Lee Jeans has launched a capsule collection of denim pieces that can be composted when they are no longer wanted.
The aptly named Back to Nature collection comprises four items: For men, the brand’s classic Rider jacket and Rider jeans in a rigid ecru denim. For women, an elongated and belted version of the Rider Jacket and wide-leg jeans in rigid ecru denim.
The items are made using compostable linen-cotton yarns (85 percent cotton and 15 percent flax linen), and no rivets - which are typically made of metal. Additionally, the leather waistband patch has been replaced with Jacron, a soft faux-suede material made from cellulose. The products’ compositions mean that - once buttons, which can be reused, have been removed - they can be thrown - onto compost where they will completely biodegrade.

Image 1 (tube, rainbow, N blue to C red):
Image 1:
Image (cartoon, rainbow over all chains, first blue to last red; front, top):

“The most critical emerging environmental problem that our industry is going to face is pollution due to the increased amount of synthetics in denim products and the creation therefore of microplastics,” Roian Atwood, director of sustainability at Lee Jeans and Wrangler told the Standard. “This polyester sheds and comes off via pilling into very small, tiny pieces into the ambient environment, which is why we are finding microplastics all throughout the globe.”
A growing number of brands are experimenting with biodegradable garments as consumer demand for more sustainable fashion continues to grow. In recent months, British designer label Stella McCartney and Dutch denim brand Denham have each announced the launch of their own biodegradable denim jeans.
Photo courtesy of Lee Jeans